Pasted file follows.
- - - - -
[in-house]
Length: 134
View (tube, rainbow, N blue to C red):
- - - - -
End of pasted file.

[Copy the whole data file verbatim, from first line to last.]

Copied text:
[in-house]
Length: 134
View (tube, rainbow, N blue to C red):